What about engaging with a tv channel and making the ant challenge a tv show?  A bit like the other homestead shows out there but with minimal drama, "be nice" ethics, permaculture education built in and the accomplishments of the ants towards surviving the winter and winning the challenge being the focus.   I don't watch many of the homesteading shows but from what I have seen, they sure struggle to put enough actual content into each episode.  The ant village would surely have plenty of things going on to educate folks about.  

The BBC shows on Edwardian Farming were what got me thinking about this.  They focused on the farming practices of the time and very little on the drama of living in that historical situation.  

I'm assuming a downside would be the desire for drama (real or manufactured) from the producers.  Plus having tv people on the lab.  

A huge upside would be a platform to introduce permaculture to the masses.  

Episode 1:  
 We join Judy the ant as she cuts trees and peels them for her wofati.  Wait, what the hell is a wofati  We then meet with Paul, mythical overlord of ant village to hear about the challenge.  Then we join Frederick the ant as he struggles to earn a bounty on a junk pole fence.  Hmm, what's a junk pole fence?  etc etc etc.

 
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Can I ask about generators?  It seems like things could go much, much faster if they were able to use power tools for longer periods on their plot.  it seems like there is plenty of fuel going into excavators and tractors which are digging up the land...generators for the purposes of construction don't seem like a stretch to me in comparison.

From the outside, it seems like there are a number of things that could have helped them get over the hump that might have had a short-term cost but much bigger long-term gain by building a viable community sooner rather than later.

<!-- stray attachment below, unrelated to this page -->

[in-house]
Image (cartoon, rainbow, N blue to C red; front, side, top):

It also seems like having some sort of financial reserve in place might be a good idea for challenge participants.   Perhaps that would narrow the field too much. But, it seems like one of the big challenges was balancing work on the plot with the need to pay for the basic costs of living and construction.  Perhaps participants need to come with a plan for how they are going to both survive and build their plots.
 
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Mike Jay wrote:What about engaging with a tv channel and making the ant challenge a tv show?



We have catered to these guys a bunch of times.  I've now been on way too many skype calls with these guys.   And they just seem to perpetually eat up my life and don't follow through.  

Further, you would think "I'm gonna make bank!" but they are pretty clear:  every fucking nitwit on their end gets paid handsomely, but you get paid less than minimum wage, or nothing at all.  

It has now gotten to the point that it all feels like one giant gimmick.  

Further, I have talked to people that have been on the shows - and they totally fuck with you eight ways to sunday.  

Fuck that shit.
 
paul wheaton
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K Putnam wrote:Can I ask about generators?